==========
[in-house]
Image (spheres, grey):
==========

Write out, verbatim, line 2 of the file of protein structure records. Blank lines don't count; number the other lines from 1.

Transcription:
Image (spheres, grey):